It’s possible to earn great success in your professional career, rise to great heights, but all the while experience the “imposter phenomenon“: the sense that your position is undeserved, your unmasking possible at any time. For people like this, who doubt their own abilities, it would seem wise to rely on others who are confident they can get things done. But new research published in Personality and Individual Differences suggests the opposite: the more prone managers are to that imposter feeling, the more they choose to delegate tasks to those who also feel unworthy.
Myriam Bechtoldt of the Frankfurt School of Management recruited 190 managers – all highly educated – and had them complete online surveys that measured their identification with imposterism, including feeling like a fake, attributing one’s current position to luck, and feeling unworthy of praise for past successes.
Following this, the managers had to decide how to delegate six work activities, half of which were routine, such as compiling a mailing list or organising an outing, while the remainder were more challenging, such as making an important presentation or developing a mission statement.
The four junior candidates available to complete these delegated tasks were described in short profiles, which presented them all as similar: all highly competent, all qualified, all hungry to prove themselves. They differed only in gender, and the fact that one male and female candidate were described as self-confident, whereas the other two were described as secretly doubting their abilities.
The results were clear: the higher a manager scored on feelings of imposterism, the more they preferred to delegate to another self-doubter, and this was true for tasks of all stripes.
Why did this happen? Bechtoldt believes it a simple matter of self-image. In the self-doubting candidates, imposter participants see some part of themselves, and prefer to rely on someone with a similar mindset – even though self-confident people are on average a surer bet, being more ambitious about outcomes and persevering more through problems.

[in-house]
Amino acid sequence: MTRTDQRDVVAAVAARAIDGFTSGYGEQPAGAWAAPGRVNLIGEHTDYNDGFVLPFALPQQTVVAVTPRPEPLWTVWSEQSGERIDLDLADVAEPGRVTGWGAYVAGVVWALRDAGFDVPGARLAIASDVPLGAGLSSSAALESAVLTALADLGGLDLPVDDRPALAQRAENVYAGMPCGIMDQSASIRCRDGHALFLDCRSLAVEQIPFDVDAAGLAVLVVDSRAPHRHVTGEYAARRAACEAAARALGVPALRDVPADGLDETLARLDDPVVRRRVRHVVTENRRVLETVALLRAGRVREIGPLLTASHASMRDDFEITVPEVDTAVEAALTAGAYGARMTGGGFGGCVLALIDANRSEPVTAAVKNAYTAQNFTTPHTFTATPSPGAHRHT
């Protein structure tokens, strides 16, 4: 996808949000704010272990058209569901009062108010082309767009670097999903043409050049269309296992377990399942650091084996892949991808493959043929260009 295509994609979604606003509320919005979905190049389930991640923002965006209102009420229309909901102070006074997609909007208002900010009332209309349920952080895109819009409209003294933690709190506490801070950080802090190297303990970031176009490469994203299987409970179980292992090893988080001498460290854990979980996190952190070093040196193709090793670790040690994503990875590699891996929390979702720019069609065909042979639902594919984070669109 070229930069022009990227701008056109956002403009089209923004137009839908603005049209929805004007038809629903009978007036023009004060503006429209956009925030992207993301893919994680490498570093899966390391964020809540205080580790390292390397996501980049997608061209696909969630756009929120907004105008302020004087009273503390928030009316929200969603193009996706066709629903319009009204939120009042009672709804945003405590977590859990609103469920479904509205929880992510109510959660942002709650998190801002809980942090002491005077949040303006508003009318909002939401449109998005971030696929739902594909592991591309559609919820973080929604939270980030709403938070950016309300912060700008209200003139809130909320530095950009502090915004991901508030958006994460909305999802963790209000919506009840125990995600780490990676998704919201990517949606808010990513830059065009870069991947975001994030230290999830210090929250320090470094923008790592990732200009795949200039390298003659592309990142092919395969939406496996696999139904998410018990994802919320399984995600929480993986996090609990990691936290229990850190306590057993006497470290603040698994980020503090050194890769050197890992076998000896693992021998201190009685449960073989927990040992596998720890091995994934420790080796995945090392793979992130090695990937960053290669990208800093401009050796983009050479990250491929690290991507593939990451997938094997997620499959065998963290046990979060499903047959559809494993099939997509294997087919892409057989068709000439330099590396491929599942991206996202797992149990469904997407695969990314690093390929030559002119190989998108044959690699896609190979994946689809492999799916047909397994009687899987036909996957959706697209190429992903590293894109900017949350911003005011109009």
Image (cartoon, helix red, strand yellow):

It may also be that the participants feel the urge to give their counterparts a leg up the ladder, perhaps treating them as a proxy for their own journey, and trying to convince themselves that a self-doubting profile can still reliably succeed. I should note that Bechtoldt doesn’t see such a strategic motive at work, arguing that explanation would account only for delegation of the high impact activities, not the menial ones that were unlikely to raise anyone’s profile. Further study will tell.
Is this result good news or bad for a typical organisation? The fact that low-confident, high ability workers will be given a chance to prove themselves by like-minded superiors could be a source of relief – although if such people are favoured to take on duties of every sort, this could turn out to be a source of stress for them. More broadly, the result is another example of organisational cloning, where leaders look to stack their ranks with those who most resemble them, even though a degree of diversity – here, a mix of those who self-doubt and those who are self-sure – is what helps organisations flourish.
Bechtoldt, M. (2015). Wanted: Self-doubting employees—Managers scoring positively on impostorism favor insecure employees in task delegation Personality and Individual Differences, 86, 482-486 DOI: 10.1016/j.paid.2015.07.002
Feeling like a fraud: The psychology of the impostor phenomenon
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